Throughout Doorbell’s hospital stay, we’d been very positive. My husband and I were very close and helped each other cope – we lived in the day and didn’t think about the future. At that point we didn’t know what it held; we just wanted to be with Doorbell as much as possible because we didn’t know if he was going to die. It took my husband about 1 year to really trust that Doorbell was not just going to expire at any moment. He went through a lot of anger and emotions for about 2 years. I didn’t understand that – I didn’t have a lot of angry emotions; I was just overjoyed that our son was alive and thriving. He was alert and very bright as a baby. We were all amazed when he recognized letters in the alphabet before he could talk. He stunned us with his use of American Sign Language (I was fluent at the time and decided to teach him to sign) and completely floored us when he started reading at age 3. I thought – AH HA! This will be easy – he’ll thrive in school.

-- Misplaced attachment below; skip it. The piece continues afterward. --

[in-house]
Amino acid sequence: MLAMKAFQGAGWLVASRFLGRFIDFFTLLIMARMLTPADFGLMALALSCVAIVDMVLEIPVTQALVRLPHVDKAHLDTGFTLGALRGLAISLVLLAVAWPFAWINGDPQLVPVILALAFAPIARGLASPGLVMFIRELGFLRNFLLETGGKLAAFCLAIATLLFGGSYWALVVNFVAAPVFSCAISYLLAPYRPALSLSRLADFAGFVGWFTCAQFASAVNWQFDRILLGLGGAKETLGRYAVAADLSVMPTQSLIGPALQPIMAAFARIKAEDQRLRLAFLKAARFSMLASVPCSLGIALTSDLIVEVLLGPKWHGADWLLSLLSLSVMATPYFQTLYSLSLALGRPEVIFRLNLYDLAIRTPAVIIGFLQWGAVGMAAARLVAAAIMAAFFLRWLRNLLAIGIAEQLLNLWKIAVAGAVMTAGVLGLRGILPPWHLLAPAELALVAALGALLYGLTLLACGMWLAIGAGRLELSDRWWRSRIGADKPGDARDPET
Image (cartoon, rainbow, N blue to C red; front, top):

He started preschool around 4 ½. That’s when the calls started coming. Your son can’t sit still, he constantly interrupts and corrects the teacher, your child cannot cope in ‘circle time’, your child doesn’t understand personal space, your child needs to have the teacher’s attention constantly…your child, your child, your child.
Who was this child? Yes, our socialization interactions were limited. We didn’t have friends with kids, we couldn’t even think of daycare with his food allergies and worries about possible illness from a compromised immune system. But we went to parks and such; we tried to have a very ‘normal’ toddlerhood. But I wasn’t prepared for this.